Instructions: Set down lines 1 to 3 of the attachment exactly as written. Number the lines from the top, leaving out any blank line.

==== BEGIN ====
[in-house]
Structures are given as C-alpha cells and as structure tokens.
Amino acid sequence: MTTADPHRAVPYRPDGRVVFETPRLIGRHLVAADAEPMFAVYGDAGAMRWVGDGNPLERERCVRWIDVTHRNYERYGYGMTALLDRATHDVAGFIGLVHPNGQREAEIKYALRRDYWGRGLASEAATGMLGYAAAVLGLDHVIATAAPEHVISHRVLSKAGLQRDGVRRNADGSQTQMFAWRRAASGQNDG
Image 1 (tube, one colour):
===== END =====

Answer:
[in-house]
Structures are given as C-alpha cells and as structure tokens.
Amino acid sequence: MTTADPHRAVPYRPDGRVVFETPRLIGRHLVAADAEPMFAVYGDAGAMRWVGDGNPLERERCVRWIDVTHRNYERYGYGMTALLDRATHDVAGFIGLVHPNGQREAEIKYALRRDYWGRGLASEAATGMLGYAAAVLGLDHVIATAAPEHVISHRVLSKAGLQRDGVRRNADGSQTQMFAWRRAASGQNDG